NBA Draft: Trail Blazers Need to Stop Drafting European Players

Tyler WardAnalyst IJune 17, 2011

PHOENIX, AZ - JANUARY 14:  Head coach Nate McMillan of the Portland Trail Blazers talks with Nicolas Batum #88 during the NBA game against the Phoenix Suns at US Airways Center on January 14, 2011 in Phoenix, Arizona.  The Suns defeated the 115-111.  NOTE TO USER: User expressly acknowledges and agrees that, by downloading and or using this photograph, User is consenting to the terms and conditions of the Getty Images License Agreement.  (Photo by Christian Petersen/Getty Images)
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Over the past decade or so, there has been a lot of hype surrounding European players. And the hype is just too much. And plus, ESPNs Fran Fraschilla needs something to do on draft night, right?

I'm not "hating" on European players, but how many great players have come out of the draft since 2000? (I'm just going to let ya'll know now that Dirk was 1998, so no need for that.)

The answer is not many. Off the top of my head, the serviceable players include Pau Gasol, Andrea Bargnani, Hedo Turkoglu, Nene, Yao Ming, Danilo Gallinari, Nicolas Batum and Serge Ibaka. There's also a couple of decent players like Rudy Fernandez, Jose Calderon, Leandro Barbosa and Boris Diaw.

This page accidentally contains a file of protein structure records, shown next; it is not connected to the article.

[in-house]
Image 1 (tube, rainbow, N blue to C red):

But my point here is that more times than not, a European selection will more than likely ride the bench or won't come to the United States at all. After all, we've seen such players as Yaroslav Korolev and Fran Vasquez combine to play 34 games since they were drafted in 2005 (and Korolev played all 34).

I'm not saying that they never need to come to the United States, but their hype should drop by a humongous amount.

Many front office employees are mad at themselves for using their team's highest selection on a foreign player that will turn out to be mediocre at best, and that's if he even comes over in the first place.

There are a few teams around the NBA that believe that the foreign players will eventually pay off, but they have yet to see anything from them. One of those teams is the Portland Trail Blazers.

Since 2004, the Blazers have used three first-round selections on European players.

Victor Claver, 2009, and Joel Freeland, 2006, have yet to play a single NBA game. Sergei Monia, the 23rd overall selection in 2004, played in just 23 games for the Blazers before being dealt to Sacramento. He played three games for the Kings and has not appeared in an NBA game since.